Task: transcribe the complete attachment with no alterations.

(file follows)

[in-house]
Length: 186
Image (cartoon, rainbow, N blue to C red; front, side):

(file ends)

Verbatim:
[in-house]
Length: 186
Image (cartoon, rainbow, N blue to C red; front, side):